By Abby Talbot –
Eye brows are raised and judgments are made when people see self mutilation for what it really is.
Dr. Kathleen Young, a psychologist in Chicago is often asked about self-mutilation. For instance why people do it and why it happens.
“Broadly speaking self injury is the act of attempting to alter a mood state by causing physical harm serious enough to cause tissue damage to your body,” saidYoung
Young also said, “Self mutilation happens for multiple reasons and there is no cure that will work 100 percent, truthfully therapy and depression medications are the best solutions if someone you knew started developing symptoms and revealed self injury.
Young also stated that that there is a difference between attention-getting (behaviors) and true self harm. She said there were a few reasons that a person who does not fit the category of self harm, such as a person who causes injury for sexual pleasure, body decoration, spiritual enlightenment or ritual, and fitting in or being cool.
True self-harming behavior, according to Young, is seen in teens who also suffer from depression and mental illness.
Teens Health website published a story this year addressing teens addiction to cutting and why they do it.
“Some people do it for attention, others do it to hide behind their emotional pain with physical,” said Gabby Myers a senior at Penn Manor.
There are many reason why teens and adults participate in self mutilation. Most people who cut are girls according to the teen health website, but guys as well may self mutilate.
The major reason why people cut is because of emotional stress, relationship problems, problems at home and emotional pain that the people who cut would rather feel in physical pain, said psychologists. They want emotional relief.
For some, cutting is a way of feeling in control. When it in fact it is exactly the opposite.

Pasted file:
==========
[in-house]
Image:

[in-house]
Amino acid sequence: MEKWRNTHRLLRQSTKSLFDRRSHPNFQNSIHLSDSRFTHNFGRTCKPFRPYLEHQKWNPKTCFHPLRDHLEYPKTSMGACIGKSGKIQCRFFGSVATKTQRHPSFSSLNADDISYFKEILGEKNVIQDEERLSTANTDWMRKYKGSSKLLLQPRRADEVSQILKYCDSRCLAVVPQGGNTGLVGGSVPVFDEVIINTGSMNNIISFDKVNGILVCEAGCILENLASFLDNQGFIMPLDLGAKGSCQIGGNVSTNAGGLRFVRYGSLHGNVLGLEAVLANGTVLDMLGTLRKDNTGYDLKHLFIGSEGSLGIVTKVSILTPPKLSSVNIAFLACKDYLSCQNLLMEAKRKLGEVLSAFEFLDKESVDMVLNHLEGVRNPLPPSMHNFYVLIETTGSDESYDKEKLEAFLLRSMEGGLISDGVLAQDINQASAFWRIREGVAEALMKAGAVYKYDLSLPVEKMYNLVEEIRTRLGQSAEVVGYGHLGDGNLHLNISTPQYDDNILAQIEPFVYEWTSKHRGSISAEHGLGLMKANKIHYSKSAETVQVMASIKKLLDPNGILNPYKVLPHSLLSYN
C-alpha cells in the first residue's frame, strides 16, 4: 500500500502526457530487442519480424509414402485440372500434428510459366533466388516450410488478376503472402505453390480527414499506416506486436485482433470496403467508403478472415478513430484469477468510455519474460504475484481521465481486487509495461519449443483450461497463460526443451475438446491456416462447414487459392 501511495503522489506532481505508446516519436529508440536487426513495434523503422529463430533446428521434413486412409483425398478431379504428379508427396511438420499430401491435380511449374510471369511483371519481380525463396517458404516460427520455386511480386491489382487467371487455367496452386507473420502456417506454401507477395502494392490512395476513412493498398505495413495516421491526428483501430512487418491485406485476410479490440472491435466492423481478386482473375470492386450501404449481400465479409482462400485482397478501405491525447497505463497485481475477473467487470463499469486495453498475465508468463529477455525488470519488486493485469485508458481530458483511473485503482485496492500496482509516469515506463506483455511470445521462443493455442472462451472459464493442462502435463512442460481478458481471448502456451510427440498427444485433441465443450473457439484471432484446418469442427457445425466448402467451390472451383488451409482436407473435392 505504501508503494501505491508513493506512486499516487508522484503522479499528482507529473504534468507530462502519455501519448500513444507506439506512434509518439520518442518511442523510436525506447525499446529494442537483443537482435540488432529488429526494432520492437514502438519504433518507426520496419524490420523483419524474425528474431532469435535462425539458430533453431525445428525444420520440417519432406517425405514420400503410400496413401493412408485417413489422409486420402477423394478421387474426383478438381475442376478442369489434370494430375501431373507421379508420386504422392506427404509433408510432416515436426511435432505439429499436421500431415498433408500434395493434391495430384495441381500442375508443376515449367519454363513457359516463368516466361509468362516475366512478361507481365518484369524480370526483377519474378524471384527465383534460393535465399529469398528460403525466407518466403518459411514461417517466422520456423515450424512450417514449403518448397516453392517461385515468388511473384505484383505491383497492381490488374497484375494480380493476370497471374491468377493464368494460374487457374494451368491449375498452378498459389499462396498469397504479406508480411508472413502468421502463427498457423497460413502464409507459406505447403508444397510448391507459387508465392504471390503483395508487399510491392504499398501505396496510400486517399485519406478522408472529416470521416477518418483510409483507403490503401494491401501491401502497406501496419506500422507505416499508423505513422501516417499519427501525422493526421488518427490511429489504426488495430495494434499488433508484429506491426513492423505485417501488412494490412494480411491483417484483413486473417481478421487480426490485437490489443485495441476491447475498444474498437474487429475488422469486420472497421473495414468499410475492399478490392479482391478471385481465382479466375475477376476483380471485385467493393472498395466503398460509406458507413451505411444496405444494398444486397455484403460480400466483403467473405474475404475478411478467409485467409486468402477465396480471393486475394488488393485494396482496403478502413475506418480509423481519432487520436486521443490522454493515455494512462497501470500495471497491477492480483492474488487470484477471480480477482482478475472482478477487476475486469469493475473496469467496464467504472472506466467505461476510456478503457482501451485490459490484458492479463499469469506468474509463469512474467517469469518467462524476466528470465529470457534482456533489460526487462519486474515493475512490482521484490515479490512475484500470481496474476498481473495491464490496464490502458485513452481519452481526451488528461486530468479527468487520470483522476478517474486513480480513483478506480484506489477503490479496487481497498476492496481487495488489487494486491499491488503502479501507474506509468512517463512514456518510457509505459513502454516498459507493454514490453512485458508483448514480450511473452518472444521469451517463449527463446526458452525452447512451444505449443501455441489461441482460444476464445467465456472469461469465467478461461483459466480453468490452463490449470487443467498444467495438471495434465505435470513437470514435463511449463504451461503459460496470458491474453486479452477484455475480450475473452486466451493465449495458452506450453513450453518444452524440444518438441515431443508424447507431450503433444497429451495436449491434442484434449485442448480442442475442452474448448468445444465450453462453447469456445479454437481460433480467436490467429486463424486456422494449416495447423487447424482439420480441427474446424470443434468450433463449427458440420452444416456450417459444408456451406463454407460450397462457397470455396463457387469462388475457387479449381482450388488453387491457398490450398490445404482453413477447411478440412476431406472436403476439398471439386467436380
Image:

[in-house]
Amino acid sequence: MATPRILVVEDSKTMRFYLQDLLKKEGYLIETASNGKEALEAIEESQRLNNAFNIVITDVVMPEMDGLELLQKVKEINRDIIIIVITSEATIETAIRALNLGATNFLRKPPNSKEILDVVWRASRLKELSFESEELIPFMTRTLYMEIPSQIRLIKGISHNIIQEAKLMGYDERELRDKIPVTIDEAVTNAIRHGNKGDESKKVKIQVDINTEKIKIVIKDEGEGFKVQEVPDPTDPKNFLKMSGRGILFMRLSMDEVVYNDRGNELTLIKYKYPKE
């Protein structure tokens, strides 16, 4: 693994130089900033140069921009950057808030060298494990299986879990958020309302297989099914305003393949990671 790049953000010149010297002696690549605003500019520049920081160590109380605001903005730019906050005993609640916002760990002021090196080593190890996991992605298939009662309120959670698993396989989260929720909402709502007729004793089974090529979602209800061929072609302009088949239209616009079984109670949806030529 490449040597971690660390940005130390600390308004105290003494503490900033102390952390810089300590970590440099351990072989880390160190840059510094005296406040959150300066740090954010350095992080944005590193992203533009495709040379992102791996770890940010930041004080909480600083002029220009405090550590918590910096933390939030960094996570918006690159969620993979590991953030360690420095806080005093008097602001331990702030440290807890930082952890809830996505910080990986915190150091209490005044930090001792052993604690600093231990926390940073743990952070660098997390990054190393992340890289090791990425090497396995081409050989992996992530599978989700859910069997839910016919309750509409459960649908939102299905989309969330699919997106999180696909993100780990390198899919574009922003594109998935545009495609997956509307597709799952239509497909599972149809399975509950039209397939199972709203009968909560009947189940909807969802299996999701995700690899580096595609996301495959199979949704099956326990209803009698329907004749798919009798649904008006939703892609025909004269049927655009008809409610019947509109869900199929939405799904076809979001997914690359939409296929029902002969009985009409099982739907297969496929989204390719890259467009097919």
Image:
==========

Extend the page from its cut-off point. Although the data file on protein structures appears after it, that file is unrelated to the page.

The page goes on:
PubMedHealth, another website aimed at helping people with self-harm issues and mental illnesses published an article in 2010 stating that cutting is more then a bad way of dealing with stress, sometimes it is accompanied by mental illness.
Borderline Personality Disorder (BPD) is a disease in which people go through long-term patterns of unhealthy, uncontrollable, overly powerful emotions and can be accompanied by self-harming behaviors.
Abandonment at an early age of life, sexual abuse, poor communication between family members and any other issues dealing with family are the most common factors of this disorder.
BPD is more common in women just like cutting is, men as well are just as capable of acquiring the disease. The symptoms of BPD which are also experienced before a person gets addicted to cutting are very similar. The person starts to feeling abandoned, extremely impulsive and gets mad quickly, according to PubMedHealth.
Maddi Eckenrode junior at Penn Manor has heard about BPD and found it interesting.
“I feel like the people that cut don’t realize that it could be more serious then just a bad day or week, most of those people probably have BPD and should get help for themselves,” said Eckenrode.
UPMC Life Changing Medicine, is a website recommend by Young for teens who want more information about self injury.
UMPC published an article about self harm and the sometimes genetic reasons behind it. Self-mutilation is often associated with psychiatric disorders that may be caused by chemical imbalances in the brain.
UMPC stated that self-mutilation can be hard to diagnose because usually in most cases of self harm the person hides the self inflictions because it is not social acceptable and because they feel guilty and ashamed.